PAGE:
Class sizes

To give you an indication of class sizes, this course normally enrols 50 students and lecture sizes are normally 50­-325­.  However this can vary by module and academic year.

Who teaches this course

The course is taught at the Faculty of Science, Engineering and Computing. Faculty staff have a wide range of experience across research and industry and continue to practice and research at the cutting edge of their discipline. This ensures that our courses are current and industry informed ensuring you get the most relevant and up to date education possible. 

Staff will use their experience and professional networks to hone your skills and shape you into the next generation of science, technology, engineering and mathematics (STEM) graduates.

Facilities

There is a wide range of facilities for practical work at our Penrhyn Road campus, where this course is based.

You will have access to a modern environment with the latest equipment, including our scene of crime house where we recreate crime scenes. This allows you to put your forensic skills to the test, from dusting for fingerprints to searching for and analysing samples (read more below).

You will also benefit from:

  • the £9.8million Eadweard Muybridge building with state-of the art laboratories;
  • specialist equipment, such as:
    • chromatography instruments;
    • a breathalyser;
    • electrophoresis equipment;
    • electron microscopes;
    • electrochemical analysis;
    • nuclear science equipment;
    • thermal analysis;
    • document examination equipment; and
    • x-ray diffractometers.
  • a range of spectrometers, including mass spectrometers, infrared spectrometers and nuclear magnetic resonance spectrometers; and
  • computing laboratories and a team of IT technicians to offer assistance.

The scene of crime house

The scene of crime house is a real semi-detached house located on-site. Its five rooms contain various types of mock crime scenes, including burglary, arson, assault and sexual crime.

Students have to pick up evidence carefully and transport it back to the labs for preservation and analysis. Even the garden contains evidence and is used by the forensic team's archaeologist for teaching.

The crime scene house is also extensively used to teach Bloodstain Pattern Analysis (BPA).

The library offers:

  • subject libraries, plus a free inter-library loan scheme to other libraries in the Greater London area;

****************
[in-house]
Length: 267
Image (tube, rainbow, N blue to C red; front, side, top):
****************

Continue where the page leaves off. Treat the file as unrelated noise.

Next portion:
• online database subscriptions; and
  • a growing selection of resource materials.

Course fees and funding

2019/20 fees for this course

The tuition fee you pay depends on whether you are assessed as a 'Home' (UK or EU), 'Islands' or 'International' student. In 2019/20 the fees for this course are:

 Fee category  Amount
Home (UK and EU students) £9,250*
International Year 1 (2019/20): £14,200
Year 2 (2020/21): £14,600
Year 3 (2021/22): £15,000
Islands (Channel Islands and Isle of Man) To be confirmed by the Island Authorities

 * If your course involves a foundation year, the fee for that year for home and EU students will be £9,250 in 2019/20. The fees shown above apply for year 1 of the degree from 2018/19 onwards (fees may rise in line with inflation for future academic years). These fees are annual and may increase in line with inflation each year subject to the results of the Teaching Excellence Framework (TEF).

Eligible UK and EU students can apply to the Government for a tuition loan, which is paid direct to the University. This has a low interest-rate which is charged from the time the first part of the loan is paid to the University until you have repaid it.

Additional costs

Depending on the programme of study, there may be extra costs which are not covered by tuition fees, which students will need to consider when planning their studies.

Tuition fees cover the cost of your teaching, assessment and operating University facilities such as the library, IT equipment and other support services. Accommodation and living costs are not included in our fees. 

Where a course has additional expenses, we make every effort to highlight them. These may include optional field trips, materials (e.g. art, design, engineering), security checks such as DBS, uniforms, specialist clothing or professional memberships.

Text books

Our libraries are a valuable resource with an extensive collection of books and journals as well as first-class facilities and IT equipment. You may prefer to, or be required to, buy your own copy of key textbooks.

Computer equipment

There are open-access networked computers available across the University, plus laptops available to loan. You may find it useful to have your own PC, laptop or tablet which you can use around campus and in halls of residences.

Free Wi-Fi is available on each of the campuses.

Printing

In the majority of cases coursework can be submitted online. There may be instances when you will be required to submit work in a printed format. Printing and photocopying costs are not included in your tuition fees.

Travel

Travel costs are not included but we do have a free intersite bus service which links the campuses and halls of residence.

Lab equipment

For this course you will need to purchase a lab coat and safety glasses at approximately £20.

Note for EU students: UK withdrawal from the European Union

EU students starting a programme in the 2019/20 academic year will be charged the same fees as those who began in 2018/19 (subject to any annual increase in accordance with the applicable terms and conditions and the Kingston University fees schedule).